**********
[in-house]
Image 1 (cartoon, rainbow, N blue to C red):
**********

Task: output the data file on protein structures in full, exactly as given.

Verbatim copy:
[in-house]
Image 1 (cartoon, rainbow, N blue to C red):